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A Day in the Life

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I was talking with a good friend of mine yesterday, and she asked me a funny question. She asked me what I liked the most about being here. I had been consumed by all of the things that I DIDN’T like about camping in a field with two kids. I never really just sat down and thought about all of the things that I did like. So today as we went through our day, I began to reflect on everything that we were doing and not only did the day seem much easier, but I enjoyed myself so much more. In order to fully appreciate our life, I thought it might be helpful to lay out our typical day for you, and then maybe you can better appreciate the things that are wonderful about our life.

5:30am- the baby wakes for an early morning snack. We snuggle in bed and fall back asleep.
7:00am- big brother wakes up and we all snuggle in bed together. He gets back up and plays quietly with his cars for about 30 minutes.
8:00am- we all get dressed and head out to the kitchen for pancakes and cocoa.
9:00am- the baby has a nap and big brother and I take the dog for a walk around the field.
9:45am- big brother and I fill up the water jug and play together.
10:30am- everyone has a snack and we shoot the bow and arrow for a while
11:30am- the baby wakes up and we all eat lunch together.
12:00pm- Papa takes a shower while the boys and I ‘hang out’ and play
1:00pm- we all go to the coffee shop for ice cream
2:15pm- everyone takes a nap together. Papa plays his ukelele.
4:15pm- everyone is up from naps and we head to the lake to play
7:00pm- dinner together and dishes. While I do dishes, Papa and big brother go for a walk together.
8:00pm- bedtime for the boys and we have some quiet time together.

It may not seem that exciting to you, but here is what I love about our time here. I love that we do everything together, as a family. I love watching my husband teach our son and go for walks with him. I love that he wants to go for a walk with us more than he wants to watch TV. I love that we all snuggle in bed together every morning. I love that I get to lay on the floor and watch the baby roll around and eat his toes. I love the routine of camp life. I love doing laundry by hand and hanging it up to dry- and doing it as a family chore. I love the sunsets that we see every evening. I love looking at the stars when I get up in the night. I love that we have somehow adapted to living in one room together and we all still love each other! I love laying in bed at night and listening to the sounds of the night and hearing the deep, sleeping breathing of my boys.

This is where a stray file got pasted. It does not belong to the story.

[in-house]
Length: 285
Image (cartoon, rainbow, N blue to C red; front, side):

There are so many, many things that I do not like about camping in a field while we wait to even begin building our house. But the things that I DO like– these are the reasons we came here in the first place. These are the reasons we wanted a simpler life. These are the things that make our hearts happy and full. This is why we are doing what we are doing. This is the Good Life!

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Braving the Storm……in a Tent

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imageI did not check the time when the storm started, but I know that it came in hard and fast. It was the lightning that woke me up first. It was not like any lightning that I had ever seen before. It reminded me of a fluorescent light bulb that is going bad- it was a constant strobe of light, flashing continuously. Initially, there was a light sprinkle and some distant thunder. The wind was whipping the trees around, but it was far above us and there wasn’t much wind blowing the tent. Within about 15 minutes, we knew we were in trouble. Konrad woke up and sat on our bed, eyes wide with a mixture of awe and fear. The baby had managed to get himself into a sitting position in his crib and was staring up at the top of the tent with wide, wild eyes. The wind started to sound like a freight train coming and the West side of the tent blew in to what seemed like a 45 degree angle. For the next 20 minutes or so, Dave and I braced against the tent poles with all of our weight, while the wind and rain pummeled the tent. I remember looking around and it all seemed so surreal. Konrad lay on our bed watching us, silent, as if he sensed the gravity of the situation enough to be still. Jacob sat in his bed and stared at the lightning strobe in the sky. Dave and I looked at each other during the flashes and seriously questioned whether we were going to make it or not. I had begun to pray when the lightning woke me, and continued my prayer incessantly while the storm raged around us. Several times it struck me that it was not the best idea to be in a field during an insane storm, holding a metal tent pole, but the alternative was much, much worse. Being in the middle of a field with two small kids and no tent would not have been a viable option over the possibility of being struck by lightning. The freight train wind slowly subsided and the rain pelted us in sheets.